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PCS Boat Review By Jack Innis  (Page 102  Pacific Coast Sportfishing APRIL 2005)

Skipjack 262: A Real Keeper!
There are only two types of fish: keepers and throwbacks. Either a fish measures up, or you toss 
him back. Fishing machines also fall into those two categories. There's the type of boat that 
comes so close to perfection you'd probably keep it forever, then there are boats that come 
up short. Well throwaway the tape measure, ma! The Skipjack 262 is a bona fide keeper!
Skipjack has been a West Coast mainstay since 1966-more than 4,000 Skippys have been 
built - but the 26footer is the largest and most formidable fishing machine
currently in its trailerable lineup. Although it was first introduced in 1991, 
the Skipjack 262 is undergoing some changes. The helm seating comes with 2 buckets seats. 
That combination is still available, but now we offer a bucket seat and a 32" bench combination.
Other changes include addition of a tilt steering wheel, notching the console for 
more legroom forward, and rearranging the trim tab, throttle, and gauge locations to 
make the console more user friendly. We also offer a  transom-mounted bait tank. This two- to 2.5scoop 
tank is nicely designed with angler-friendly rounded corners to avoid snags.
The Skipjack 262 we tested had the heart of a lion. More precisely, a 285 horsepower 
Volvo Penta KAD 300 turning a Duo Prop outdrive. Earlier iterations of the 26footer were 
available with gas engines, but diesel is now the only way to go, according to the factory. Instead, 
owners will likely select one of several Volvo Penta diesel packages, the best of which come 
with big-boat-style electronic engine controls. With the diesel's miserly fuel sipping 
habits, the 170-gallon tank gives plenty of range to chase those early season albacore, 
or to do an extended cruise in the Sea of Cortez.
"This is true, fly-by-wire electronic engine control:" "The boat is easy 
to maneuver, and there are no throttle cables to get stiff over time." 
"Boats I order for general inventory are powered with 
the KAD 300 or the D-6 series, so you have between 285 and 310 horsepower." A 200 horsepower 
engine is still available for family cruisers.
The average West Coast fisherman, however, carries plenty of extra weight around in the form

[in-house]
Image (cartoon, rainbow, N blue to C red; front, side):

of fuel, gear, ice, and bait. He'll most likely opt for additional horsepower and torque to 
carry the load. Especially with a larger diesel, the boat will cruise with the big boys while 
giving good fuel economy.

"With electronic engines and the bigger fuel tanks, our range and performance have gone way up," 
"This boat likes to cruise with the big boys, giving good fuel economy at 20 to 
25 knots." Many owners report fuel consumption in the 2.5 mpg range.
The 262 as tested came with the Volvo KAD300, truly one of Volvo's best engine/outdrive efforts 
to date.
The KAD300 boasts 4 valves per cylinder, a mechanical compressor, a turbo charge-air cooling, 
and advanced electronics.
Combined with a specially developed Duoprop outdrive, the KAD300 delivers performance across 
the spectrum from low-speed maneuvering to great acceleration to excellent top speed.
At low speed, the 262 can complete a 360-degree turn in less than two boat lengths, a neat trick 
for a single engine vessel that should be helpful when maneuvering next to kelp paddies. Even 
with a full load of fuel and water (170/40 gallons), we were able to keep the boat on plane as 
slow as 13 mph with the trim tabs down, which means the boat hull is doing its share to contribute 
to fuel economy and performance.
The 262 should be able to chase down virtually anything that swims. The boat accelerated onto 
plane in less than five seconds, hit 25 mph in about 20 seconds, blew through 35 mph in about 
30 seconds, and maxed out at more than 40 mph in 45 seconds at 3,850 rpm!
Long-range anglers will really appreciate the low noise emissions produced by the KAD300. 
At 25 mph (an excellent cruising speed for a trailerable boat), the diesel was extremely quiet. 
Even with the three-quarter enclosed flybridge, the boat was easy on the ears, which equates 
to less fatigue during long slogs out to the fishing grounds.
Driving the boat from the flybridge, it's hard to remember you're only on a 26-footer. It feels